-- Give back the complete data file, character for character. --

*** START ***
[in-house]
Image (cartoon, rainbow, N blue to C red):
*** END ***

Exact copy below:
[in-house]
Image (cartoon, rainbow, N blue to C red):